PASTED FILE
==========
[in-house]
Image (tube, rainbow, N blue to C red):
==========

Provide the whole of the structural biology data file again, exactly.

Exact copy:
[in-house]
Image (tube, rainbow, N blue to C red):